During a four-month stay in the mountains of western Mongolia, photographer Asher Svidensky captured a stunning collection of images that shed a light on Mongolian girls and their golden eagles. “Berkutchy,” the practice of raising a bird of prey to hunt for food throughout the year, was originally a male-only pursuit, but as more and more men head into the cities, women have taken up the torch. Keep reading to find out more about this amazing bond between species.
Svidensky was focused on the story of one particular girl, 13-year-old Ashol Pan, who was asked by her father to take the place of her brother after he left for the military. Pan took up the challenge, and even though she still attends school, developing a lifelong bond with her eagle has quickly become her sole focus in life. It’s no easy task – training a young golden eagle involves blindfolding the animal for prolonged periods of time so that it develops a dependence on its handler, and can often involve sacrificing sleep in order to care for the bird of prey.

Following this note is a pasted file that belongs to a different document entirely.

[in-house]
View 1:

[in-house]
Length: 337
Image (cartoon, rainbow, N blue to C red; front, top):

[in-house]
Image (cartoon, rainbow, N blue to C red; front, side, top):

Unlike many of the young boys, who seem uneasy alongside their hunting companion, according to Svidensky, Pan is at peace with the animal by her side. This is an essential part of the pair’s bond, especially as the village relies on the eagle to hunt down foxes, wolves and rabbits, all of which provide food and pelts to survive the harsh winter months.
Golden eagles are deeply engrained in Kazakh culture, and make an appearance in many ancient proverbs, such as, “Fine horses and fierce eagles are the wings of the Kazakhs.” It’s beautiful to witness the next generation ensuring the legacy of a hunter and their eagle lives on for all to see. Should you ever find yourself in Mongolia, an annual Golden Eagle Hunting Festival allows more than 50 eagle hunters to showcase their skills.
Via Design Taxi
Images by Asher Svidensky